There. I said it. Regular readers of the blog will probably have figured this out by now, but it's probably best just to come clean with it for the rest of you. I'm from Winnipeg, and have lived in Manitoba all my life but for a one year European sojourn.
Don't start writing me letters of condolence quite yet. This may come as a surprise to some, but I like it here. Winnipeg is a great and quirky city, with friendly people. For anyone who enjoys the outdoors, there's a variety of attractions within a short drive. It's a city where you actually get to experience all four seasons, unlike the European country in which I lived, which had a month or two of summer and 10 months of "grey". As explained by one of those canadian guys, on their most recent podcast, it is a city that isn't so bad when on its best behaviour, questionable perogies notwithstanding.
But if you've never been to Winnipeg, you might not realize just how isolated the city really is. It's really the only city of any significance in Manitoba (sorry Brandon!). The closest city of over 100,000 people is more than 5 hours drive away, and it hardly counts since that city is Regina.
Sometimes Winnipeg can feel a little ronery.
All of this is my way of explaining, perhaps apologizing for, the fact that I've only ever attended one Canada match live. June 11th, 2000, was the date. Cuba the opponent. Canada had won 1-0 in Havana a week earlier, and the 0-0 draw that day at the Winnipeg Soccer Complex (a glorified practice field with leftover bleachers from the '99 Pan Am Games) was enough to move on to the next stage of yet another ill-fated qualifying campaign. There was little memorable about the match. Someone, and right now I'm thinking Jason Bent, hit a crossbar, and someone else, possibly Peschisolido, dribbled one off the post or just wide. I recall sitting near a group of old guys engaged in a passionate debate about a Euro 2000 match (Germany, I think) they had watched earlier that day. I recall briefly watching Stalteri and wondering why all those internet guys hated him so much.
Yes, international football was actually played here.
The other best chances for me to watch Canada live were two matches in my hometown, the 'Chicago of the North', the same year, and the only other two matches ever played in Winnipeg by the national team. Both wins. In fact, Canada has never lost in Winnipeg, a fact that might be of some usefulness if there was somewhere for Canada to play. Being still in the early stages of my soccer addiction, I didn't take advantage of the opportunity to see these matches. I might not even have been aware of the late May friendly against Honduras (a 3-1 win), and if I recall correctly, the weather for the Panama match (a 1-0 win) was too miserable to bear, considering the game was the last bit of detritus for a campaign at that point already doomed by math.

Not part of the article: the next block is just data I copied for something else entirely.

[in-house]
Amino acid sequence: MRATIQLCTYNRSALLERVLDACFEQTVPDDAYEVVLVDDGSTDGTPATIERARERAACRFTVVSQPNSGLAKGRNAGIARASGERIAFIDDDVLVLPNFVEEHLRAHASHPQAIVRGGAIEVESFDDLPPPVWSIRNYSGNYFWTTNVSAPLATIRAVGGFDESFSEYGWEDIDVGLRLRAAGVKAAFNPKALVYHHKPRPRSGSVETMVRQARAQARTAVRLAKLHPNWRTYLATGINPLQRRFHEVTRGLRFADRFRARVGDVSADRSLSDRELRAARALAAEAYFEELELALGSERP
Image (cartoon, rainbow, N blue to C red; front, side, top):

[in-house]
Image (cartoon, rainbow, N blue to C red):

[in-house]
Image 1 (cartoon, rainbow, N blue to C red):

Is it possible for me to be a diehard Canada fan, a Voyageur, without having been to more than one match? I did miss a 'gimme' when the 2005 U20 World Cup was held in the same country I happened to be living in at the time, but given the results, perhaps it was best I spent those days travelling elsewhere in Europe. Any match that has taken place in Canada over the last 10 years would have required commitments of time and money that I was not in position to make, due to various combinations of school, work, and lack of funds. The closest I came to seeing Canada in person again was serious consideration of an epic train ride to Edmonton to watch Canada-Mexico in October 2008, a masterpiece by Radzinski and one of my favourite Canada matches.
So in weeks like these, with two matches in central Canada over 4 days (yes, I'll give you central Canada, even if the real centre of Canada is 50 km from my house), I am envious. Envious of those who, for reasons of geography, comfortable wealth, or mental illness, are able to go out and watch these games. It's a bit disheartening to read the full range of excuses for skipping out on these friendlies, but it's a bit hypocritical coming from a guy who watched his second favourite national team in the World Cup final on tape delay because he was sitting in a canoe in Ontario when it was played live.
It won't get any easier. While I'm now established in a career that gives me all of July and August off (take a guess!), it seems Canada rarely plays at home during those months. Perhaps a Gold Cup roadie could be in the works. But now that Edmonton, because of a new artificial surface at Commonwealth, is out of the picture, I'll have to jump half a continent away to watch Canada play at home. Does it make me less of the fan if this only happens once or twice? I'm not sure.
I am sure that I'm missing something of the live experience, the diehard support that will make its presence known at BMO and Saputo, but didn't really seem to be present that evening in June 2000 on Waverley St.
After all that, I will be making a long drive this weekend to watch a sporting event in a big city. Twin Cities in fact. What New York is to Toronto, Minneapolis is to us denizens of the Murder Capital. But all I'll get is baseball. Does that count for anything?